It's a fact of human nature that we usually resist anything that's different. With those differences come conflict, and the workplace is no exception. Because of the growing diversity among workers, clashes between the employees' need to express ethnic identity and the unwritten rules of an organization's culture are becoming increasingly common.
Before managers deal with the problems associated with corporate versus ethnic culture, they must understand certain assumptions about diversity, including: Part of what makes each individual unique is how our values, attitudes and perceptions are shaped by our social, ethnic, racial and cultural backgrounds or identity groups.
According to Marshall Singer, author of Intercultural Communication: A Perceptual Approach, our current, personal attitudes and behaviors are the result of an evolving development based in our ethnic roots. Therefore, ignoring these backgrounds is tantamount to discounting our uniqueness as individual. We feel appreciated and respected only when the full range of our background is recognized and appreciated.
We become more aware of our identity groups when we're faced with people who are different. When surrounded by the so-called majority, people who belong to an ethnic or other minority group usually are unable to forget their minority identities. Internal as well as external conflicts may arise. Singer also notes that one part of them argues for assimilation; the other side may resist, perhaps by expressing even stronger links to the minority identity group. In such a situation, ethnic identity can become more, not less pronounced.
One such pull for assimilation comes from corporations and other workplace organizations.
According to T.E. Deal and A.A. Kennedy in Corporate Cultures: The Rites and Rituals of Corporate Life, employees attain yet another sense of who they are, what they should be doing and how they should behave through identification with their organization's culture. The company benefits from this cultural cohesiveness, which is essential for smooth work flow, productivity and a common sense of affiliation that, in turn, contributes to the organization's values and goals.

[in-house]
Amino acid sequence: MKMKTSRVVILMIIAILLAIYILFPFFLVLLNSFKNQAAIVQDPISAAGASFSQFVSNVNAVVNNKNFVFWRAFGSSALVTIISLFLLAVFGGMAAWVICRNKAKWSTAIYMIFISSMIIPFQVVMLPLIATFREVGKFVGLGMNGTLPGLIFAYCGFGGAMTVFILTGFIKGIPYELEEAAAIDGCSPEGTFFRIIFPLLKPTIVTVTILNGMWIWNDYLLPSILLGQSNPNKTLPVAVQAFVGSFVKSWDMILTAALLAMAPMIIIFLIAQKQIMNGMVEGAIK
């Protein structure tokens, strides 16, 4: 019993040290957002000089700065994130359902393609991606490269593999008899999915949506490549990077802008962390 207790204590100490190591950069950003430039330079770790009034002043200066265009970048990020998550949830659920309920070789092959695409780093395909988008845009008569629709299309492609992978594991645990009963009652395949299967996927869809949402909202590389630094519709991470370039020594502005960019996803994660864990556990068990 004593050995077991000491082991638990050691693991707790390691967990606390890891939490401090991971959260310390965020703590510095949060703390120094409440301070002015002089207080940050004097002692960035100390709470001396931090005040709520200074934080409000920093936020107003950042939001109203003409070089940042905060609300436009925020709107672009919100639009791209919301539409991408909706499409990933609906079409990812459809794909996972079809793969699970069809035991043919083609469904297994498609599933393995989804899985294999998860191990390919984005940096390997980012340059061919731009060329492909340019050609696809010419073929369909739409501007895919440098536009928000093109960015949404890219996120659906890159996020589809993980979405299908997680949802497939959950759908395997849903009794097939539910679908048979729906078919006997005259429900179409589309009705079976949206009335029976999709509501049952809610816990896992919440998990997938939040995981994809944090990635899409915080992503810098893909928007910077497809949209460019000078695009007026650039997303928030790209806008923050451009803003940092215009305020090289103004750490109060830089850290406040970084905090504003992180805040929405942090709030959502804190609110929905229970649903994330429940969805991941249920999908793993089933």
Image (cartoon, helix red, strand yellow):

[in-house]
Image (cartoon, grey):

Mike Fenton, manager of affirmative action and HR planning for AT&Ts Bell Laboratories, says that people must be comfortable with each other to work well together.
The following guidelines help managers feel more comfortable in addressing the potential clash between corporate and ethnic cultures. Although there aren't any surefire solutions to this dilemma, these guidelines help managers get beyond the fuzziness that Francois Basili, director of employee communications at Montefiore Medical Center in New York City, identified as the problem with most recommendations on how to handle diversity in the workplace.
Because dealing with cultural diversity touches on sensitive issues, cautions also are included with each guideline. These yellow lights alert managers so that special awareness and care is given when implementing these suggestions.
Guideline 1. Don't avoid the issue of diversity. Bring it out in the open and talk about it.
In many organizations, there's an unwritten rule: Don't openly discuss issues related to ethnic, racial or cultural, or gender differences. This usually is the result of EEO regulations that (rightly) alert managers to possible discriminatory consequences of policies and practices.
The emergence of diversity in the workplace now suggests, however, that being treated fairly means to be treated the same as everyone else and recognizing how each employee is different (i.e., how ethnic, racial and gender differences help define the person's identity). EEO didn't do away with difference, it just mandated that difference shouldn't be used for the purpose of discrimination. Difference, however, is a growing fact and needs to be recognized. Therefore, the no-talk rule must be rewritten. …